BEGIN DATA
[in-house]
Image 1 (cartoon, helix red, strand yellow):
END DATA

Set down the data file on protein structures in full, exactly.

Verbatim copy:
[in-house]
Image 1 (cartoon, helix red, strand yellow):